Project Number: 2020-13660-009-000-D
Project Type: In-House Appropriated
Start Date: Jan 16, 2022
End Date: Jan 15, 2027
In Arizona and the Southwest U.S., irrigation is essential for field crop production. However, long-term drought and increasing urban development have decreased water availability. Historically, surface irrigation has been the main irrigation practice. However, with current water limitations, development of modern irrigation systems, sensing technologies, irrigation management tools, and crop water use estimates are now critical. The overall goals of this project are to improve knowledge of water, nutrient, and crop growth processes in arid agroecosystems and to develop sensing, computing, and decision support technologies that improve water and nutrient use efficiency for crop production. Objective 1 details the main field component with field experiments, primarily in cotton and guayule, that test different models for irrigation scheduling with feedback from soil water content sensors and imagery from small unmanned aircraft systems (sUAS). Objective 2 focuses on use of satellite remote sensing to monitor and forecast regional crop evapotranspiration (ET). Objective 3 continues the development of tools for improved management of surface irrigation with a special focus on modeling field-scale infiltration processes. The over-arching philosophy of the research is to develop knowledge and tools based on the integration of proximal and remote observations with physical process-based and artificial intelligence-based models. Objective 1: Integrate sensor data and simulation models to improve irrigation and fertilization decision support for irrigated cropping systems. Sub-objective 1A: Develop remote, proximal, and in-situ sensing technologies for estimating crop, water, and nutrient status of irrigated agroecosystems. Sub-objective 1B: Develop and evaluate simulation models, machine learning algorithms, and data integration strategies that better inform crop management decisions. Sub-objective 1C: Develop and field-test decision support tools that integrate data and models for improving in-season crop management. Sub-objective 1D: Develop irrigation guidelines, tools, and models for direct-seeded guayule. Objective 2: Create and evaluate suites of satellite-based hydrology models that enable accurate monitoring and forecasting of evapotranspiration and other soil water balance components over irrigated agriculture, leading to improved irrigation scheduling. Sub-objective 2A: Develop and test crop coefficient models driven by remote sensing data. Sub-objective 2B: Develop and test algorithms that use remote sensing to track water budgets across multiple cropping seasons. Objective 3: Design, test and/or improve sensors and technologies for optimizing surface irrigation systems. Sub-objective 3A. Evaluate and improve infiltration modeling approaches for irrigation design and management, tied to the Natural Resources Conservation Service (NRCS) soils database. Sub-objective 3B. Develop design and management strategies that account for the spatial and temporal variability of conditions, including infiltration, hydraulic resistance, and flow rate.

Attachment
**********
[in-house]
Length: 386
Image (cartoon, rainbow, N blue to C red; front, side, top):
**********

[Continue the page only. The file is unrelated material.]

Objective 1 Goal 1A: Develop novel sensing approaches and data pipelines for timely collection and processing of in-season agroecosystem data that can be immediately used for crop and soil management. Tools to prepare sensor data for immediate integration with irrigation scheduling algorithms are necessary because the data will be incorporated with decision models (Sub-objective 1.B) and used to inform irrigation management decisions for field studies (Sub-objective 1.C). Objective 1 Goal 1B: Develop simulation models or machine learning algorithms as tools to synthesize in-season field data and provide reliable recommendations for real-time or near-term crop management. Data collected during previous field studies will be used to evaluate model responses to experimental conditions. Objective 1 Goal 1C: Field-test decision support tools and methods for irrigation management with focus on identifying approaches that improve crop yield and water use efficiency. Irrigation management experiments will be continuously conducted for summer cotton crops and winter cover crops or small grains for the duration of the project. Objective 1 Goal 1D: Determine irrigation scheduling and timed water stress strategies for optimum rubber yields and water use efficiencies. Develop crop coefficient models and determine remote sensing indices for real-time Kcb and plant growth estimation. Develop a customized soil water balance (SWB) irrigation model that provides decision support for growers in the region. Objective 2 Goal 2A: Develop crop coefficients for all economically significant crops grown in Central Arizona. Priority crops will be cotton, alfalfa, potato, sorghum, barley, and corn. Years of evaluation are 2016 to current. Objective 2 Goal 2B: Develop and test remote sensing-based surface energy balance algorithms and incorporate them into an app tool for irrigation decision support. While research under Sub-objective 2.A focuses on answering questions about irrigation management for specific crops grown in Arizona, Sub-objective 2.B addresses research to improve management skill across entire districts and spanning multiple years. Objective 3 Goal 3A: Provide WinSRFR with additional infiltration modeling capabilities, namely an alternative to the NRCS furrow infiltration families, and Green-Ampt based soil models for two soil layers, for one- and two-dimensional infiltration. Two groups of activities will be undertaken as part of this subobjective: 1) new infiltration modeling options will be developed and added to the software and 2) studies will be conducted to further validate procedures for the estimation of GA and WGA infiltration parameters from irrigation evaluation data. Objective 3 Goal 3B: Provide WinSRFR users with additional capabilities for examining the uncertainty of model outputs as a function of uncertainty of variable inputs. The first part of the proposed work involves adding new options for examining the sensitivity of outputs visually. The second part will use data analysis tools to conduct uncertainty and sensitivity studies to develop quantitative measures for various synthetic scenarios.